We have also met with State and local government officials, including Mayors and economic development officials across the country to understand which policies, interventions and engagement strategies have been most effective for their communities in today’s globalized economy. Cities as diverse as Greenville, South Carolina, Pittsburgh, Pennsylvania and Houston, Texas have all had strategic and successful plans for participating in the world economy. We are looking at how such city/state plans can fit into a broader U.S. international trade strategy.
As we continue Phase I of Listening for America, we are also beginning to execute Phase II. We are:
- developing and testing value propositions about international trade and globalization that resonate with a cross-section of Americans;
- developing easy-to-understand, impartial, factual information for the public about international trade; and
- developing a new paradigm for American citizen and local engagement with U.S. Federal international trade officials .
For most of the 70 plus years since the end of World War II, there was a political consensus in the United States that open trade and investment policies would provide the most benefit to the country and its people. The United States pursued those policies through multilateral and bilateral agreements that attempted to lock in open trade and investment regimes throughout the world. The idea that open trade and investment policies are beneficial to the United States and its citizens has been challenged on the political left and the right, including with calls to abandon the trade and investment agreements that have been the pillar of U.S. policy for 70 years, along with policies that limit access to the U.S. market for fairly-traded foreign-made goods.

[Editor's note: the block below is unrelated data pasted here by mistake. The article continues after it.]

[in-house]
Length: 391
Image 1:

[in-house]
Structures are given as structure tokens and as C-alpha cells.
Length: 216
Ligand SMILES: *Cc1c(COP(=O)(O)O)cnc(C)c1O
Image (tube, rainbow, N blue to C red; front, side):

In the meantime, globalization has continued to occur. The dynamics of the U.S. economy are continuing to evolve as a result of technological advances and continued globalization. In the manufacturing sector, inputs for finished products constitute over 60% of all U.S. imports. The internet and modern telecommunications allow services to be provided across national borders and services industries now comprise 70% of the U.S. economy.
Some have benefited greatly from globalization and trade agreements that lock in open markets and others have not. Economists have argued that openness still will provide the greatest benefit to the most people. However, the strong public support for political campaigns on both the left and right that decry open trade and investment policies makes clear that the post World War II political consensus on trade and investment no longer exists in its previous iteration.
The old policy was made from inside Washington DC, and based mainly on academic theories. It did not take into account the adverse effects that openness can have on working people throughout the country and “regular people” had very little, if any voice in how those policies were shaped.
Building a set of policies that can gain wide public support requires input from the people and communities those policies effect. There is a long history of surveys about American attitudes toward trade, which are helpful input. However, much deeper and more comprehensive input is required in order to shape a policy that will benefit Americans not just today, but for the rest of the century. And a continuous loop of engagement is needed to keep policies on track over the long term.